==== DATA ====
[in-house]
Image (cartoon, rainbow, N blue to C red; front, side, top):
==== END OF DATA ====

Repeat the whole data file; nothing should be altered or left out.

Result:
[in-house]
Image (cartoon, rainbow, N blue to C red; front, side, top):